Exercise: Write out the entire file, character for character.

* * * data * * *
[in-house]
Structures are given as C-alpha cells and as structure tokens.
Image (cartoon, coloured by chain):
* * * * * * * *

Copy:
[in-house]
Structures are given as C-alpha cells and as structure tokens.
Image (cartoon, coloured by chain):